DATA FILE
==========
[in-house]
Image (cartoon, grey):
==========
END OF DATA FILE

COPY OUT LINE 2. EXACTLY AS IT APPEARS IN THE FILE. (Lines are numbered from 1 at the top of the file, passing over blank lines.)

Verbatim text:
Image (cartoon, grey):